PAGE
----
Dutch naval architect C-Job, in a consortium with MARIN, has been successful in a tender process for the Dutch Rijkswaterstaat ‘Innovaties in de Kustlijnzorg’ (IKZ) programme. with a design for sustainable and cost-effective ‘Solution for Coastal Care’, based on C-Job’s AUMD (autonomous underwater maintenance dredger) concept.
As part of the project, C-Job has been commissioned to develop the Autonomous Low Energy Replenishment Dredger (ALERD). This built on the AUMD but with a different operational profile; coastal replenishment instead of maintenance work in ports and harbours.
C-Job Autonomous Shipping research lead engineer Rolph Hijdra said: “The design of the submersible ALERD is based on the AUMD, but its purpose is to deliver sediment to coastlines to protect the land in a sustainable manner. As with the AUMD, the hopper is designed to always be full of seawater or a mixture of water and sand / sediment, with discharge likewise taking place through the bottom doors in the hull.”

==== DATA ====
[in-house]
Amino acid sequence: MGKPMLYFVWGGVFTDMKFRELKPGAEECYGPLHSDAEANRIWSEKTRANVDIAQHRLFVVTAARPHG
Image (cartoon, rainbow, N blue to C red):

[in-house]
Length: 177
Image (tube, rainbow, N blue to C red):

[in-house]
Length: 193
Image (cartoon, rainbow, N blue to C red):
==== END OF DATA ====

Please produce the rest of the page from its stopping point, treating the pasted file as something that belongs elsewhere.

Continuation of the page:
Following lifecycle assessment and an operational profile analysis C-Job will carry out further studies looking at the energy that will be required for stability and buoyancy control.
To achieve zero emissions requires both low energy requirements and a sustainable electrical energy supply. Reviewing the available options, Li-ion batteries and Proton Exchange Membrane Fuel Cell systems emerged as the best alternatives. Among the studies reviewed were a number that included simulations analysing variations in factors including different hopper volumes, operating speeds and different charging and bunker locations. These demonstrated that both power sources could deliver lower operational costs compared to the benchmark provided by the IKZ program. Therefore, the choice would depend on individual operational circumstances.
C-Job continues to research and promote the potential benefits of submersible dredgers and industry participants are showing an interest in the development process. Dredging in this way will undoubtedly bring with it a range of as yet unknown challenges compared to traditional dredging, but as the pressure for sustainable solutions grows and the cost of clean energy systems falls, the momentum in this direction can only increase.